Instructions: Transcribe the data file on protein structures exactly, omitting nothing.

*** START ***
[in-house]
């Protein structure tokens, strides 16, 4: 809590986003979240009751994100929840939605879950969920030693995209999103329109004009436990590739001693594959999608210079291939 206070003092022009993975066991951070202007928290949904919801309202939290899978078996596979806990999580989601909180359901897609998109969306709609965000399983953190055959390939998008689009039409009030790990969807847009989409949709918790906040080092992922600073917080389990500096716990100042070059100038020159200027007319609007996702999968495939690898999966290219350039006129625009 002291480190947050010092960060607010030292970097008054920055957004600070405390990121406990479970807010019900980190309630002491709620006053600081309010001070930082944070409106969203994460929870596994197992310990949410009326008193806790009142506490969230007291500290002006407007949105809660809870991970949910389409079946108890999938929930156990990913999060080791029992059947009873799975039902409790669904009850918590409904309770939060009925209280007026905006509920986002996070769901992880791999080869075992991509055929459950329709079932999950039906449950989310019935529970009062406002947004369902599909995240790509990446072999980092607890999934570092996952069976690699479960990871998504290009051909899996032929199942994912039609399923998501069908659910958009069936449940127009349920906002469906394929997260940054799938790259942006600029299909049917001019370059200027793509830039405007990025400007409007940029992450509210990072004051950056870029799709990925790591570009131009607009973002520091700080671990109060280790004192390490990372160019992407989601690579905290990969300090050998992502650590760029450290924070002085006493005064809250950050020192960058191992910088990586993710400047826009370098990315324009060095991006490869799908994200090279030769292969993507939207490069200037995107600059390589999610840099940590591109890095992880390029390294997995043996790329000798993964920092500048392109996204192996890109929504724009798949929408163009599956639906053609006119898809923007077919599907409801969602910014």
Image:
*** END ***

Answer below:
[in-house]
């Protein structure tokens, strides 16, 4: 809590986003979240009751994100929840939605879950969920030693995209999103329109004009436990590739001693594959999608210079291939 206070003092022009993975066991951070202007928290949904919801309202939290899978078996596979806990999580989601909180359901897609998109969306709609965000399983953190055959390939998008689009039409009030790990969807847009989409949709918790906040080092992922600073917080389990500096716990100042070059100038020159200027007319609007996702999968495939690898999966290219350039006129625009 002291480190947050010092960060607010030292970097008054920055957004600070405390990121406990479970807010019900980190309630002491709620006053600081309010001070930082944070409106969203994460929870596994197992310990949410009326008193806790009142506490969230007291500290002006407007949105809660809870991970949910389409079946108890999938929930156990990913999060080791029992059947009873799975039902409790669904009850918590409904309770939060009925209280007026905006509920986002996070769901992880791999080869075992991509055929459950329709079932999950039906449950989310019935529970009062406002947004369902599909995240790509990446072999980092607890999934570092996952069976690699479960990871998504290009051909899996032929199942994912039609399923998501069908659910958009069936449940127009349920906002469906394929997260940054799938790259942006600029299909049917001019370059200027793509830039405007990025400007409007940029992450509210990072004051950056870029799709990925790591570009131009607009973002520091700080671990109060280790004192390490990372160019992407989601690579905290990969300090050998992502650590760029450290924070002085006493005064809250950050020192960058191992910088990586993710400047826009370098990315324009060095991006490869799908994200090279030769292969993507939207490069200037995107600059390589999610840099940590591109890095992880390029390294997995043996790329000798993964920092500048392109996204192996890109929504724009798949929408163009599956639906053609006119898809923007077919599907409801969602910014």
Image: